Modeling and Controlling Internet of Things Behavior Using Network-Inferred State Machines

For the IMC’23 paper “BehavIoT: Measuring Smart Home IoT Behavior Using Network-Inferred Behavior Models” please visit the dedicated page.

Internet of Things (IoT) devices are increasingly found in homes, providing useful functionality for devices such as TVs, smart speakers, and video doorbells. Along with their benefits come potential risks, since these devices can communicate information (audio recordings, video recordings, television viewing habits) about their users to other parties over the Internet. However, understanding these risks is difficult since IoT systems are traditionally closed systems that provide independent third parties with little-to-no information about whether a device (or set of devices) is behaving in ways that might violate expectations such as privacy, security, and correctness.

Project Goals. To help understand and mitigate these risks, the goal of this project is to build BehavIoT: an approach that explores the extent to which network-inferred behavioral analysis of IoT deployments, combined with control over the network traffic they generate, can identify and mitigate misbehavior of IoT systems. Our key insight is that we can model IoT device behavior by inferring their states and transition events based on the network traffic they generate, identify misbehavior as deviations from previously recorded state transitions, and mitigate these misbehaviors by manipulating the network traffic that causes undesirable state transitions.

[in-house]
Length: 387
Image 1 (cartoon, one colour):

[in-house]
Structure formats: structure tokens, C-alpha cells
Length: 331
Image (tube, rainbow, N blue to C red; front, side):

Research Challenges. To reach the above goal, this project will address the following three research challenges. First, we will investigate how to model IoT devices behavior based on the network traffic they generate using a new formalism called NISM (network-inferred state machine) in which states represent the global behavior of the system (i.e., what the system as a whole is doing), and transitions represent the probability that such global behavior leads to a different global behavior. Second, we will investigate how to use NISM models to distinguish expected behavior from misbehavior by employing statistical process analysis (e.g., by combining and expressing the NISMs of past behavior as a Markov process with hidden states), and compare any newly observed behavior of the system with the probabilities of such Markov process. The third and final challenge is the creation of new systems, algorithms, and heuristics that leverage NISM models to control (i.e., block or modify) any unwanted or unexpected IoT behavior, which should happen transparently, without breaking the expected functionalities of the IoT device.

Impact. BehavIoT will improve safety and security for IoT users; further, by raising awareness of new and existing threats, this project can encourage device manufacturers to improve the privacy, security, and correctness of their deployments.

Dates of the project: October 2019 – October 2022.

Research publications





Prof. David Choffnes (Associate Professor, Principal Investigator)
Dott. Daniel J. Dubois (Associate Research Scientist)


This project has been funded by the NSF’s Division of Computer and Network Systems (CNS-1909020).

We also thank the following students for their contributions to the project: Abhijit Menon, Derek Ng, Shu Zhang